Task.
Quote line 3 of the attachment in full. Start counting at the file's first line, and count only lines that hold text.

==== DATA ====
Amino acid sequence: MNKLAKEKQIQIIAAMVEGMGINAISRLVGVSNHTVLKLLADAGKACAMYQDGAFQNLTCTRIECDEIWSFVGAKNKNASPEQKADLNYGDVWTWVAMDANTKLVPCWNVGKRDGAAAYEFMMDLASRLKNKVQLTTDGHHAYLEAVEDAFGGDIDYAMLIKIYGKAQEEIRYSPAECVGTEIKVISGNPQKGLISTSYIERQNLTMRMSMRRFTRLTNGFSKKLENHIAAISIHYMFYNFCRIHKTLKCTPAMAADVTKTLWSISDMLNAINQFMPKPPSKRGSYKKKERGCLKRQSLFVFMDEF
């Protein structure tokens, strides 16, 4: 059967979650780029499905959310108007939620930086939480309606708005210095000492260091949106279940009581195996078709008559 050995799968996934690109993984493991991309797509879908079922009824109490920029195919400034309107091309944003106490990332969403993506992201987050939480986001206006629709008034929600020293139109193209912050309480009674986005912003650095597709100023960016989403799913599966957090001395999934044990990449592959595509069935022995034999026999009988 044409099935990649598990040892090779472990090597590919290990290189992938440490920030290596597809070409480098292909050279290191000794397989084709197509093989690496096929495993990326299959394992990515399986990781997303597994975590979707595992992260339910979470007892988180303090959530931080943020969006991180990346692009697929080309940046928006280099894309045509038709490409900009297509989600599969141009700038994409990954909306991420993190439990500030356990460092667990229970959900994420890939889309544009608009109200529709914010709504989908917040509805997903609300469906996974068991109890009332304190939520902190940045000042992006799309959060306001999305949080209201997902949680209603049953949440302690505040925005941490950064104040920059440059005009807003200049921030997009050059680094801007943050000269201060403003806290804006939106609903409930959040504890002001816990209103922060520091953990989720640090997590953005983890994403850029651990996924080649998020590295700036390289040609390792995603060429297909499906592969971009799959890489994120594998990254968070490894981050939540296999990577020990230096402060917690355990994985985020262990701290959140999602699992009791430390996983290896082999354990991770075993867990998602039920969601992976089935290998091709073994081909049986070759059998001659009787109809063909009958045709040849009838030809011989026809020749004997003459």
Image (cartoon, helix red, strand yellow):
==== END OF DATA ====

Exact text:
Image (cartoon, helix red, strand yellow):